Guido Cavalcanti was another love poet. He and Dante were best friends and Dante regarded Cavalcanti as an authority on poetry. Cavalcanti is mentioned in Dante’s early poetry collection, the Vita nova.
The whole work is addressed to Cavalcanti and Dante even implies that he is writing in Italian because of him. But despite Dante’s popularity, even the Vita nova was hard to get hold of before 1576 when it was printed for the first time.
Guittone d’Arezzo was another highly regarded poet. He started as a love poet before becoming the most important author (before Dante) writing on moral and political themes.
The Raccolta Aragonese
The collection of Tuscan poetry sent to Federico d’Aragona by Lorenzo de’ Medici in 1477 contained Dante’s Vita nova, as well as rare poems recovered from ancient manuscripts by Cino, Guittone, Cavalcanti and many others. The collection was opened by a letter signed by Lorenzo himself.
The manuscript was later named after its owner and became the Raccolta Aragonese (“the Aragon collection”). It became one of Federico’s most prized possessions and the object of widespread interest and curiosity.
Federico took it with him when he travelled to Rome at the end of 1492 to swear allegiance to the Borgia Pope Alexander VI. During this trip, he showed it to the scholar Paolo Cortesi, who immediately wrote to Piero de’ Medici – the son of the recently deceased Lorenzo the Magnificent. In this letter, Cortesi recounts that he had been shown a manuscript with poems by early vernacular poets, chiefly Cino and Guittone. The excitement is palpable: Cortesi is able to read poems by these authors whose names he had only ever heard mentioned before.
Such was the interest in these lost poets that partial copies of the Raccolta started to circulate. The first one was probably made by someone in Federico’s inner circle before he became King of Naples in 1496. News about his collection of rare early Italian poems was spreading.
The widow queen and the duchess
Federico was the last sovereign of his dynasty. He lost his throne when Louis XII of France invaded Italy. When he left Naples in the summer of 1501, Federico took the books of the royal library with him. He later had to sell part of them to sustain himself and his followers during his exile in France. But the Raccolta Aragonese was not sold and after his death in 1504 it was passed on to his widow, Isabella del Balzo.
The widow queen then lent the collection to Isabella d’Este, the Duchess of Mantua, in northern Italy, in 1512. She kept it for two months and, even though in her letters she promised not to leave it in other people’s hands, it is likely that she commissioned a complete copy which led to further partial copies being made.
Even though the transmission of these copies was in manuscript form – and so not widespread – several Renaissance intellectuals managed to read these “lost” works and were influenced by them in their attempts to reconstruct the history of Italian literature.
The real game-changer came in 1527 when a printed collection of vernacular poetry finally took the works of masters like Cino, Guittone and Cavalcanti to a much wider audience. This is when they stopped being obscure and arcane authors and finally took their place in the canon of Italian literature.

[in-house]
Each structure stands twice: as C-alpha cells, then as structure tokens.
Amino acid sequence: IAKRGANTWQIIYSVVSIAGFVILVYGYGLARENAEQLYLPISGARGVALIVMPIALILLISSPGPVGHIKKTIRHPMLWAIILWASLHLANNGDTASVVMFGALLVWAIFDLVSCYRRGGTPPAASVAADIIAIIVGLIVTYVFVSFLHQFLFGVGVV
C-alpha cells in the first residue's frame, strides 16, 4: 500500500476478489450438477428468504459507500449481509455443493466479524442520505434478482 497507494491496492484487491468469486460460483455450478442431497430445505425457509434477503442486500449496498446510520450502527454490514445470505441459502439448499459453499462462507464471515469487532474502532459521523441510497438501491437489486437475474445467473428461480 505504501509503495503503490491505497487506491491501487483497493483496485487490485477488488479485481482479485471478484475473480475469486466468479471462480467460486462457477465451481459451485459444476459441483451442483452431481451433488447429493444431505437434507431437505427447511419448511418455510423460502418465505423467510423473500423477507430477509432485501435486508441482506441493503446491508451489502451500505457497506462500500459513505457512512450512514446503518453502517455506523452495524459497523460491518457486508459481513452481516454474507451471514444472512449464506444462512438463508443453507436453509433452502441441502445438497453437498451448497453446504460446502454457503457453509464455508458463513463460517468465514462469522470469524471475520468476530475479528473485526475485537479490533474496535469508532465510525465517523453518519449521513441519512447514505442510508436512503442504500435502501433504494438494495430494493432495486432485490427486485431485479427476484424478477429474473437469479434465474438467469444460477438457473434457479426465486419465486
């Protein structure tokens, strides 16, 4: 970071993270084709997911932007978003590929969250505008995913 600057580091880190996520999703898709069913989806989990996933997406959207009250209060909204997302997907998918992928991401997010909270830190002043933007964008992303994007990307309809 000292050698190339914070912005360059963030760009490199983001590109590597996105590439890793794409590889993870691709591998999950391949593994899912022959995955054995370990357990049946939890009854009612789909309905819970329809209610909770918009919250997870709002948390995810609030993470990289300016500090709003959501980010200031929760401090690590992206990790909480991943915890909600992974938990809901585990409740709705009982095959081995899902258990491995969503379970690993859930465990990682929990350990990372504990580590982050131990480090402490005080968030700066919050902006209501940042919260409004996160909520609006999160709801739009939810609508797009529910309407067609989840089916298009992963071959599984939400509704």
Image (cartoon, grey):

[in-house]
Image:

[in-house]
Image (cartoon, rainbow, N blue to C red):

Everyone dies. Everything that has life must someday relinquish it. But that exit is never final. Plants and animals are generally converted into new states and reabsorbed into nature. Human beings remain alive in people’s memories for varying degrees of time. And if you leave a legacy behind, your life will truly begin after your physical death.
Thousands of scholars and and readers who encountered him through his literature retain him in their memories. They also transfer his existence to future generations looking for excellence in the arts.
Throughout his exemplary life, Clark touched on various issues affecting the globe. He displayed a thorough knowledge of his world through his poems.
His writing explored politics, arts and the socio-cultural character of humans. His intimacy with nature, conveyed via his poems, has made him a favourite of eco-conscious readers.
Rich ecological imagery
Clark’s exploration of the intersection between our natural environment and literature is an inspiration to writers and critics. He often found ways to accommodate nature, even when he addressed the mundane issues within politics and academia. His viewpoints can be found in his poetry collections The Casualties and Incidental Songs for Several Persons. His poem, The Usurpation, is a great example.
Clark’s constant ecological imagery shows great knowledge of, and strong attachment to, natural entities. In all their dealings, human beings operate within the natural realm, interacting with other non-human entities.
I revisited those poems 35 years later and realised the crucial influence of the natural environment in his work. Many of his poems set in the riverine areas of Nigeria’s Niger Delta, “embody environmental metaphors, capable of projecting authentic African eco-lit” according to a study of “natural trajectories” in the poems.
His exploration of nature in his poems stimulates a romantic awareness of the African ecosystem, that goes beyond the current agitations of environmental justice in Nigeria. They project 21st century African literary traditions beyond the domains of activism.
Clark’s works are multifaceted. His attachment to his home region, coupled with his training in the arts and the humanities may have conditioned him towards exploring nature in his works. And he did so alongside other nagging socio-political and economic themes that he equally projected.